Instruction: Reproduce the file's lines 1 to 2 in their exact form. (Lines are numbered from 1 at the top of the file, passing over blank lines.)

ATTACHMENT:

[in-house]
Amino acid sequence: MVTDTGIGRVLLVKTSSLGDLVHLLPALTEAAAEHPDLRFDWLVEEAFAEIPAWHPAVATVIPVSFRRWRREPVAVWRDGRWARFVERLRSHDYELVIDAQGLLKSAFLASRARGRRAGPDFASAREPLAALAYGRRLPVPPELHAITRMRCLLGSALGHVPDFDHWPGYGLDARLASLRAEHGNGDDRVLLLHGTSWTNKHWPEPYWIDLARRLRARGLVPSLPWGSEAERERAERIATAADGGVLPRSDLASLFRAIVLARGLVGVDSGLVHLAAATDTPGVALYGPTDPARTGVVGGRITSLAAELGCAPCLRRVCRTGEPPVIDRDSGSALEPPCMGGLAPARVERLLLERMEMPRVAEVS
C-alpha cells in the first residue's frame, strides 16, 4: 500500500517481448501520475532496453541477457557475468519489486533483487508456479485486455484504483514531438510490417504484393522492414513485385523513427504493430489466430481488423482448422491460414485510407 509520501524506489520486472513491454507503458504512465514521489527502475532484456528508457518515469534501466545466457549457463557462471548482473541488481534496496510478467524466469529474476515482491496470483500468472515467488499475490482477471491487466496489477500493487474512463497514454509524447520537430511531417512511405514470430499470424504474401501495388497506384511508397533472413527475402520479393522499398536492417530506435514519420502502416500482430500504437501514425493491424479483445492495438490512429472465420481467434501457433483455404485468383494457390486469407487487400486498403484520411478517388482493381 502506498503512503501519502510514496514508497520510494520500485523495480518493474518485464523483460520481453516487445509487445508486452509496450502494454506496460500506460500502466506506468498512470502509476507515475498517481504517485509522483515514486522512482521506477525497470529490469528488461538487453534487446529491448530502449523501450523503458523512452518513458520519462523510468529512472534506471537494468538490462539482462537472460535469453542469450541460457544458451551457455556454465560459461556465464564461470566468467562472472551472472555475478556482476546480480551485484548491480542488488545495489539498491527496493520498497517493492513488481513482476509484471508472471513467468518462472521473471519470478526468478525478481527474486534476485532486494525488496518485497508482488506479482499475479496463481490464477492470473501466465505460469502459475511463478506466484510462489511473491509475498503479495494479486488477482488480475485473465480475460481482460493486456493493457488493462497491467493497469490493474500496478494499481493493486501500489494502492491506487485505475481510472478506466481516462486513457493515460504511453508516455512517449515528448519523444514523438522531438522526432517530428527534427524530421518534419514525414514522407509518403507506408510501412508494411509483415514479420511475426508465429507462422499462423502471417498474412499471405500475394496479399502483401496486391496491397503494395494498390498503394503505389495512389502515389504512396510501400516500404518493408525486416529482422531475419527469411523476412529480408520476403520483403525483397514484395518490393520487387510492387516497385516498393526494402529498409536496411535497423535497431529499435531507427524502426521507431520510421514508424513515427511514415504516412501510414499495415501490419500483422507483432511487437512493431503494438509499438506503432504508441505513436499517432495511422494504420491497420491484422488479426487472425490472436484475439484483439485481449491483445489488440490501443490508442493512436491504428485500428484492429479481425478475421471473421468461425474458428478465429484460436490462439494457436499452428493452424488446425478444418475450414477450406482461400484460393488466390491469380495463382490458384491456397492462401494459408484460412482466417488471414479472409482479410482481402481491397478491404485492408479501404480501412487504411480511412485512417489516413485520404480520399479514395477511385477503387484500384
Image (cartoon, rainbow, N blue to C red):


[in-house]
Amino acid sequence: MVTDTGIGRVLLVKTSSLGDLVHLLPALTEAAAEHPDLRFDWLVEEAFAEIPAWHPAVATVIPVSFRRWRREPVAVWRDGRWARFVERLRSHDYELVIDAQGLLKSAFLASRARGRRAGPDFASAREPLAALAYGRRLPVPPELHAITRMRCLLGSALGHVPDFDHWPGYGLDARLASLRAEHGNGDDRVLLLHGTSWTNKHWPEPYWIDLARRLRARGLVPSLPWGSEAERERAERIATAADGGVLPRSDLASLFRAIVLARGLVGVDSGLVHLAAATDTPGVALYGPTDPARTGVVGGRITSLAAELGCAPCLRRVCRTGEPPVIDRDSGSALEPPCMGGLAPARVERLLLERMEMPRVAEVS